Impacts of Sea-Level Rise on National Wildlife Refuges

Ziwei Liu
Posted on: 12/29/2015 - Updated on: 3/06/2020

Posted by

Tera Johnson



The National Wildlife Refuge System, managed by U.S. Fish and Wildlife Service (FWS), is composed of over 550 national wildlife refuges and 38 wetland management districts, totaling approximately 150 million acres of lands and waters managed primarily for wildlife conservation. Most refuges have a Land Protection Plan (LPP) that identifies priorities for new refuge land acquisition. Furthermore, in order to make the best use of its limited land protection budget, FWS annually ranks the refuges according to criteria laid out in their Land Acquisition Priority System (LAPS). LAPS outputs numerical scores for each refuge, based on four component parts: Fisheries and Aquatic Resources, Endangered and Threatened Species, Bird Conservation, and Landscape Conservation.

Though the rising sea level is starting to impact many coastal refuges, neither LAPS nor most LPPs take it into consideration. Thus, it is possible that FWS will invest in the protection of lands that will be inundated in the future. The purpose of this project is to map the impacts of sea-level rise on several national wildlife refuges, with equal emphasis on lands already acquired within a refuge boundary and lands slated to be acquired at a future date. The project also provides a reference to policymakers, to guide the updating of refuge acquisition procedures in a rapidly changing world.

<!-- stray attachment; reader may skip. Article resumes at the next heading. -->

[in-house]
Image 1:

Affiliated Organizations

Defenders of Wildlife is a national, nonprofit membership organization dedicated to the protection of all native animals and plants in their natural communities.  We work to protect and restore America's native wildlife, safeguard habitat, resolve conflicts, work across international borders and educate and mobilize the public.  We are committed to safeguarding biodiversity from the impacts of climate change by advancing wildlife and ecosystem-based adaptation policies and planning.